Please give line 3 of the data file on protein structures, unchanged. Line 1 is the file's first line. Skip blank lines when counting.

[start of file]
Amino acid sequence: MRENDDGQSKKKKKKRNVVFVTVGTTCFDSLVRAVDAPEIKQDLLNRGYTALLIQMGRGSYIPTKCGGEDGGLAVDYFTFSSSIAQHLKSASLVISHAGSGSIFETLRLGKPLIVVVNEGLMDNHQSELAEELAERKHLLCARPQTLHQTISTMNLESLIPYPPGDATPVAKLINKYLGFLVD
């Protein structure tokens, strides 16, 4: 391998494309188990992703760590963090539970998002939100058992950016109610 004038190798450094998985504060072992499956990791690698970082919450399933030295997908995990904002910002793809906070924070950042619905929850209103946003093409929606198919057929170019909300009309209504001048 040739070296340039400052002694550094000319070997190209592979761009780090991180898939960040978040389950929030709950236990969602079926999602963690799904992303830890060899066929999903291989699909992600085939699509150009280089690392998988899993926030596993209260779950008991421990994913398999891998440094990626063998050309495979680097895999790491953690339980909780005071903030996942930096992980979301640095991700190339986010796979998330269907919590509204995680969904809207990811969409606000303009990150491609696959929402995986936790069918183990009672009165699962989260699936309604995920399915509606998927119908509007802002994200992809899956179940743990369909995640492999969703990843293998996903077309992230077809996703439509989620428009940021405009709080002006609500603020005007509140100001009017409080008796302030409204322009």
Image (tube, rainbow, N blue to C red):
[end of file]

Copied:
Image (tube, rainbow, N blue to C red):